Thursday, May 13, 2010

Tutorial for Plant label signs Part 1 of 2

Hello! I'm linking up to Lit and Laundry's Finished for Friday!
Check out the other great projects there!

Here is a photo of one of the plant labels that I made for the gardens at the local shelter. I know I know there is no rhubarb in the pic. I just stuck it in my garden and took a picture to show you! I made 26 total.

Photobucket

Today, Part One: the signs.
Tomorrow Part Two: the letters, and some variations on the theme.

Disclaimer: This project is experimental in that I haven't tested it in my garden for a full years weather. I have experience making things that stay out in the garden all year and have used that knowledge to design these. But only time will really tell.

My Charge: To find attractive plant labels with room to write educational information.

Why I chose this style: 1) Relatively inexpensive, large, good looking plant markers don’t exist to purchase. 2) There are testimonials that Avery LASER printed (not inkjet) labels last for many years in the garden through northern winter conditions. 3) Pieces of metal such as stainless steel or aluminium tags are expensive. 4) I have a cutting machine and some outdoor rated vinyl for letters. 5) The shelter committee chose this style from the options that I came up with.

Materials: Metal rounded corner BLANK switch plates ($0.79 at HD, it is the oversized one); sandable, paintable epoxy to fill the screw holes (I used green log, as seen on tv); ½ inch 45 degree PVC elbows ($0.50 at HD. (make sure you get 45 degree elbows, they hold the plate at the perfect angle); rust inhibiting spray paint for the switch plates (I chose silver cuz I wanted to mimic zinc markers or yore and I knew black letters would show up. Consider what color words you will have when you choose your color); ½ inch PVC electricians conduit (because it is already gray so I didn’t have to paint it); rebar; Automotive goop; Oops gunk remover to wipe the words off the conduit. Note: Some brands of elbow don’t fit on the electricial conduit. Take an elbow over to it and test. While you are at it, make sure that rebar will fit inside the pvc also. It is fine to use regular pvc pipe. I wanted to avoid painting since I was making so many.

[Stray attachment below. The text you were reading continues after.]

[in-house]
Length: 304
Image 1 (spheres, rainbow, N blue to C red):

CAUTION: Make outside if you can. Paint, goop, and Oops are all smelly and bad to inhale. Sorry I couldn't find the Automotive goop or my epoxy for this photo.

Photobucket

Step One: Fill the screw holes on the switch plate. Since it is a blank, the only holes are the screw holes! Sand around the holes, then I used 2 part epoxy putty. An outdoor rated sandable paintable caulk might work. Let harden then sand whole face in prep for painting.

Step 2: Spray paint top of switchplates. I set them on little flower pots to make sure that I got the edges. Let dry and give another coat. I chose Rust-oleum Professional High Performance Enamel but it left a funny powdery residue which I scrubbed off with a rag. Otherwise the stickers wouldn't have stuck. Not sure I would buy this particular paint again for this purpose. The switchplates are cheap metal, so you want to make sure you use rustoleum or another rust inhibiting paint.

Step 3: Attach elbows to backs of switchplates. Put a nice thick bead of automotive goop on one end of the elbow (a circle). Now stick it to the back of the plate where you want it (in the middle, slightly high). Now right away - Pull apart! Yup that's right. Now you have goop on both pieces. Keep separate and allow to cure for 3 to 10 minutes, then press together again. Hold tightly in place for a few seconds. Set them where they won’t be disturbed and let cure over night. I was very carefully doing 24, so when I had finished the gooping, the first ones had cured enough so I just went on and stuck them together. BTW, I measured when I did the 2 preliminary ones. When I did 24 at a time, I eyeballed it. Take your time with this part. This connection is the weak link and you want it to be done right.

Step 4: Next day, paint the back side and elbow. I set each plate on something again. When I just did two I stuffed some newspaper into the elbow so paint wouldn’t go inside, but that took too long when I was painting 24, so I put a cork into each one before I painted. Spray, let dry, spray again. If you use silver, the automotive goop seam will look like you soldered it. Now the plate part is complete (except for words, that’s tomorrows tute). Its important not to get paint inside because the elbow might not fit over the post.

Photobucket